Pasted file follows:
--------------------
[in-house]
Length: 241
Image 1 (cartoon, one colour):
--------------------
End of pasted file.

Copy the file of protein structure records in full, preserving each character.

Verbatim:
[in-house]
Length: 241
Image 1 (cartoon, one colour):